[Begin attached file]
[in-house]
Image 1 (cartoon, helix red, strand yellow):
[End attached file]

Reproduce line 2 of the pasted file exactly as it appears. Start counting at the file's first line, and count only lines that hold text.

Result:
Image 1 (cartoon, helix red, strand yellow):